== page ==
The three prophecies which follow are the finale of the whole. The announcement of the prophet, which has reached its highest point in the majestic vision in Isa 63:1-6, is now drawing to an end. It is standing close upon the threshold of all that has been promised, and nothing remains but the fulfilment of the promise, which he has held up like a jewel on every side. And now, just as in the finale of a poetical composition, all the melodies and movements that have been struck before are gathered up into one effective close; and first of all, as in Hab, into a prayer, which forms, as it were, the lyrical echo of the preaching that has gone before.
The prophet, as the leader of the prayers of the church, here passes into the expanded style of the tephillah. Isa 63:7 "I will celebrate the mercies of Jehovah, the praises of Jehovah, as is seemly for all that Jehovah hath shown us, and the great goodness towards the house of Israel, which He hath shown them according to His pity, and the riches of His mercies." The speaker is the prophet, in the name of the church, or, what is the same thing, the church in which the prophet includes himself. The prayer commences with thanksgiving, according to the fundamental rule in Psa 50:23. The church brings to its own remembrance, as the subject of praise in the presence of God, all the words and deeds by which Jehovah has displayed His mercy and secured glory to Himself. חסדי (this is the correct pointing, with ד protected by gaya; cf., כּדכד in Isa 54:12) are the many thoughts of mercy and acts of mercy into which the grace of God, i.e., His one purpose of grace and His one work of grace, had been divided. They are just so many tehillōth, self-glorifications of God, and impulses to His glorification. On כּעל, as is seemly, see at Isa 59:18. There is no reason for assuming that ורב־טוּב is equivalent to רב־טוב וּכעל, as Hitzig and Knobel do. רב־טוב commences the second object to אזכּיר, in which what follows is unfolded as a parallel to the first. Rabh, the much, is a neuter formed into a substantive, as in Psa 145:7; rōbh, plurality or multiplicity, is an infinitive used as a substantive. Tūbh is God's benignant goodness; rachămı̄m, His deepest sympathizing tenderness; chesed (root חס, used of violent emotion; cf., Syr. chăsad, chăsam, aemulari; Arab. ḥss, to be tender, full of compassion), grace which condescends to and comes to meet a sinful creature. After this introit, the prayer itself commences with a retrospective glance at the time of the giving of law, when the relation of a child, in which Israel stood to Jehovah, was solemnly proclaimed and legally regulated. Isa 63:8 "He said, They are my people, children who will not lie; and He became their Saviour." אך is used here in its primary affirmative sense. ישׁקּרוּ is the future of hope. When He made them His people, His children, He expected from them a grateful return of His covenant grace in covenant fidelity; and whenever they needed help from above, He became their Saviour (mōshı̄ă‛). We can recognise the ring of Exo 15:2 here, just as in Isa 12:2. Mōshı̄ă‛) is a favourite word in chapters 40-66 (compare, however, Isa 19:20 also).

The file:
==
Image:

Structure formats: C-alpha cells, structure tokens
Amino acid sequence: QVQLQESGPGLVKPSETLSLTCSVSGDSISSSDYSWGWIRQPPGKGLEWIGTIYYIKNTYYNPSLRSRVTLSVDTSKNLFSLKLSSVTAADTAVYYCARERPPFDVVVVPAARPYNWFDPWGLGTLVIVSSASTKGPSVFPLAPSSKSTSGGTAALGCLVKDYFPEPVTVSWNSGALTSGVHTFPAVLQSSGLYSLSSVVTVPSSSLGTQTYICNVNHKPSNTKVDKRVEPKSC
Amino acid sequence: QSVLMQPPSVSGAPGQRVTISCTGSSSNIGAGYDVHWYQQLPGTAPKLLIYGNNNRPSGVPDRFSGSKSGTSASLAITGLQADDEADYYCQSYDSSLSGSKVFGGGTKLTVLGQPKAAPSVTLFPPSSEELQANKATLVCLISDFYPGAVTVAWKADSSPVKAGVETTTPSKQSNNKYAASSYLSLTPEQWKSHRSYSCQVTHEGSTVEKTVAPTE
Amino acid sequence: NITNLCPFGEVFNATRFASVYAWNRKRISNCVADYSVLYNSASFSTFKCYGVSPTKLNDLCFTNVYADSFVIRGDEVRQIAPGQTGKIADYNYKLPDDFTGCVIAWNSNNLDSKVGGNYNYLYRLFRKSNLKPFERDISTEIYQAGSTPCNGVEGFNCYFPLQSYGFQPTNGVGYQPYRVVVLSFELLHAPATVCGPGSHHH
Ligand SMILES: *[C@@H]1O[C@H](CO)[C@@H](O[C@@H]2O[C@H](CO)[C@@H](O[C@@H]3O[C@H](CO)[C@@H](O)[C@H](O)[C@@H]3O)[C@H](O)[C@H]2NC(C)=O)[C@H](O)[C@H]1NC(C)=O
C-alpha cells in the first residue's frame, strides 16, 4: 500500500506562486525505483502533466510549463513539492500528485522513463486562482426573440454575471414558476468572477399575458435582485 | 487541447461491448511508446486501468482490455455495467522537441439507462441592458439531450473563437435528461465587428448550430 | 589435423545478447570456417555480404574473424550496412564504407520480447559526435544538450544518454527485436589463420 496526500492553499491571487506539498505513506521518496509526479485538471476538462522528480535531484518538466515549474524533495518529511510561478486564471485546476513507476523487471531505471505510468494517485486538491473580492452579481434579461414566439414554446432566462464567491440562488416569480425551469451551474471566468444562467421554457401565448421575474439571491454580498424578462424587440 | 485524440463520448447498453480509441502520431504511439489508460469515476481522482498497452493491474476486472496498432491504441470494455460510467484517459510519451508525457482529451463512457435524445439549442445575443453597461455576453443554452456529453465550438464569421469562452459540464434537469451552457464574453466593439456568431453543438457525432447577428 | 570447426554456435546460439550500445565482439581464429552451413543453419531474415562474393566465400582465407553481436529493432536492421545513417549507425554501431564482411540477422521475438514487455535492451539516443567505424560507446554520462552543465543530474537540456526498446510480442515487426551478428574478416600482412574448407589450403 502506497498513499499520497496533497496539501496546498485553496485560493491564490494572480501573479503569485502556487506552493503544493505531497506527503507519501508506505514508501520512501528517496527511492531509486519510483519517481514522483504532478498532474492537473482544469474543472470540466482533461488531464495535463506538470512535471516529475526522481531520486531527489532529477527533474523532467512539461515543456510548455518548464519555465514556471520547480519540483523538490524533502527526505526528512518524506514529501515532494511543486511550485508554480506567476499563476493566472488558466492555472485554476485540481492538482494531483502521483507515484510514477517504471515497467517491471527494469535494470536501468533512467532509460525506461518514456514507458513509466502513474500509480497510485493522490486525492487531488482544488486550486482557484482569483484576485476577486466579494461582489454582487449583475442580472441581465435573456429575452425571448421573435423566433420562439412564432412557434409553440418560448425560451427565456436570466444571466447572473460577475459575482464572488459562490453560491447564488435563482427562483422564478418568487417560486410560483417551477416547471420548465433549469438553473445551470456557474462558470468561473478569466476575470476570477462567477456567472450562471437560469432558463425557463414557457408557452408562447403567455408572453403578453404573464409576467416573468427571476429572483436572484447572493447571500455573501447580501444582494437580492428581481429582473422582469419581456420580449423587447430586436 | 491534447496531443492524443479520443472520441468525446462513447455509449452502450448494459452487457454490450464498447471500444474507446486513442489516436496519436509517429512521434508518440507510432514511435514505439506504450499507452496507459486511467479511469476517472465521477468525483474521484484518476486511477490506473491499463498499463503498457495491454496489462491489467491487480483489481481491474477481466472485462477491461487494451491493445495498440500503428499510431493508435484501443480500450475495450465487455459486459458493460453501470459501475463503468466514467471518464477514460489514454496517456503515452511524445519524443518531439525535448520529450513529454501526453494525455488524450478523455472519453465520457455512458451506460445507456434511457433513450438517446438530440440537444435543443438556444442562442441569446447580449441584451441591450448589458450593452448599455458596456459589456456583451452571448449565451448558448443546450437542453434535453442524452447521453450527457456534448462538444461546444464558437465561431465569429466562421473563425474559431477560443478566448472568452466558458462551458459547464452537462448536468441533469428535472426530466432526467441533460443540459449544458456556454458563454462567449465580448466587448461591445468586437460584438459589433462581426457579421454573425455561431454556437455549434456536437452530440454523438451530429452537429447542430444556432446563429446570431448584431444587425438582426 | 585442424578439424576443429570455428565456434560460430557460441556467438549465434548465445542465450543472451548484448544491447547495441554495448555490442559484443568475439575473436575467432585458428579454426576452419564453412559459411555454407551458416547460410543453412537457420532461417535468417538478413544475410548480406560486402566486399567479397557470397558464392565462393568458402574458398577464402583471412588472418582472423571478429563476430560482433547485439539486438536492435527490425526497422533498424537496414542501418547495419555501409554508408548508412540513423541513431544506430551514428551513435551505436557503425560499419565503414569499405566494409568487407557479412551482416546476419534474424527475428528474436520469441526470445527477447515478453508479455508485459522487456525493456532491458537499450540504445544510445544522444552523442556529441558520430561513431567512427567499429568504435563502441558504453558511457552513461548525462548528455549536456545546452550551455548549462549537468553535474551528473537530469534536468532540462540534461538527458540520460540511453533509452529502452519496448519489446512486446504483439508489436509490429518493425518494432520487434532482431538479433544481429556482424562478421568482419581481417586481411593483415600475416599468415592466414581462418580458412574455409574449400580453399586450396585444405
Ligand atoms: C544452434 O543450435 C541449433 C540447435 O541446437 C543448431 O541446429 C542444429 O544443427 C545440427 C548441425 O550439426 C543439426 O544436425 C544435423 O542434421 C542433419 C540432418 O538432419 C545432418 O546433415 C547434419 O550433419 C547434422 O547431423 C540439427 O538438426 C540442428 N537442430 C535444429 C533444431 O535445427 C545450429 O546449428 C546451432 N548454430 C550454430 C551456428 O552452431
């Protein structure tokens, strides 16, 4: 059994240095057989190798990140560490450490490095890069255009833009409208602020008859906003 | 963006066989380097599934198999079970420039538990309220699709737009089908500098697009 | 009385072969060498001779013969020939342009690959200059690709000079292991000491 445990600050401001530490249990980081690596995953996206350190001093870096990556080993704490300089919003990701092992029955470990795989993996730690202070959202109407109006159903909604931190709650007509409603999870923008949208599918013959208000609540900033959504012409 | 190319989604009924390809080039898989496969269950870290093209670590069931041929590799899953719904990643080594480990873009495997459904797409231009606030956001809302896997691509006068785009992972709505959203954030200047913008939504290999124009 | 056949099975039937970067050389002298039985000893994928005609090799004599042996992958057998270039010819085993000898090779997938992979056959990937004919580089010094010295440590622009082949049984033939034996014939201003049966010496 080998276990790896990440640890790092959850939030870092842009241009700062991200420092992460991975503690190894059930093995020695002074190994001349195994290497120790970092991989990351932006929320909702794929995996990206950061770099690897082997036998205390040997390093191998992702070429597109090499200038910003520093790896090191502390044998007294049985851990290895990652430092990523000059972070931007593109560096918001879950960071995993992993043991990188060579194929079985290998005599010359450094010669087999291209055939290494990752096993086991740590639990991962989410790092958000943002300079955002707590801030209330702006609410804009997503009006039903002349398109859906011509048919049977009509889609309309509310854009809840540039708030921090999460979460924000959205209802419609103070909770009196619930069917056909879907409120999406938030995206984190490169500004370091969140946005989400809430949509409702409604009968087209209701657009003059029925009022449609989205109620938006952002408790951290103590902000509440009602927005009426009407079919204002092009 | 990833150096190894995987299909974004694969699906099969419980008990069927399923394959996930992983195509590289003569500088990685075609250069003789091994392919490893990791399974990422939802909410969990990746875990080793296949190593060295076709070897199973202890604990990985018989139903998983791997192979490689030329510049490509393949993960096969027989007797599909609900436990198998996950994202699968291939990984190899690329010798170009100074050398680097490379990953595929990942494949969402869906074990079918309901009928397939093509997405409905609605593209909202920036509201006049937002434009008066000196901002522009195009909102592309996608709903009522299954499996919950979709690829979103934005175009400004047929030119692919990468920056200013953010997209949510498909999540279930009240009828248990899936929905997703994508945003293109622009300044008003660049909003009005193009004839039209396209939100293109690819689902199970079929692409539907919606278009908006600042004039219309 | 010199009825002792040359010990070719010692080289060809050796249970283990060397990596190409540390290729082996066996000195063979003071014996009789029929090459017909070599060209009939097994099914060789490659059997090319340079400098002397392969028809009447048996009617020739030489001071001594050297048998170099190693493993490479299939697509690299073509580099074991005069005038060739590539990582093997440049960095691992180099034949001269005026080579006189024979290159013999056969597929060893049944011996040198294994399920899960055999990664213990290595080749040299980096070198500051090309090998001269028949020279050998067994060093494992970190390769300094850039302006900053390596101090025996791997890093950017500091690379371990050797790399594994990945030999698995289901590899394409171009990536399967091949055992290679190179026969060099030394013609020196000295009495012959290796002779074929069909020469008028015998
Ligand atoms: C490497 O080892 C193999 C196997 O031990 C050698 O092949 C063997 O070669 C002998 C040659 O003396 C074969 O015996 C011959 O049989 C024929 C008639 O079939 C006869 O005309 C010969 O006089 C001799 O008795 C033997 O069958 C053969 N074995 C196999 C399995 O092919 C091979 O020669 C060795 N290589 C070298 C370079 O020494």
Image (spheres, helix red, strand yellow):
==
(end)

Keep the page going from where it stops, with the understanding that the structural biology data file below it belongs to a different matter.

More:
The next v. commemorates the way in which He proved Himself a Saviour in heart and action. "In all their affliction He was afflicted, and the Angel of His face brought them salvation. In His love and in His pity He redeemed them, and lifted them up, and bare them all the days of the olden time." This is one of the fifteen passages in which the chethib has לא, the keri לו. It is only with difficulty that we can obtain any meaning from the chethib: "in all the affliction which He brought upon them He did not afflict, viz., according to their desert" (Targ., Jer., Rashi); or better still, as tsâr must in this case be derived from tsūr, and tsăr is only met with in an intransitive sense, "In all their distress there was no distress" (Saad.), with which J. D. Michaelis compares Co2 4:8, "troubled on every side, yet not distressed." The oxymoron is perceptible enough, but the להם (צר לא), which is indispensable to this expression, is wanting. Even with the explanation, "In all their affliction He was not an enemy, viz., Jehovah, to them" (Dderlein), or "No man persecuted them without the angel immediately," etc. (Cocceius and Rosenmller), we miss להם or אתם. There are other still more twisted and jejune attempts to explain the passage with לא, which are not worth the space they occupy. Even in the older translators did not know how to deal with the לא in the text. The Sept. takes tsăr as equivalent to tsı̄r, a messenger, and renders the passage according to its own peculiar interpunctuation: οὐ πρέσβυς οὐδὲ ἄγγελος ἀλλ ̓ αὐτὸς ἔσωσεν αὐτούς (neither a messenger nor an angel, but His face, i.e., He Himself helped them: Exo 33:14-15; Sa2 17:11). Everything forces to the conclusion that the keri לו is to be preferred. The Masora actually does reckon this as one of the fifteen passages in which לו is to be read for לא.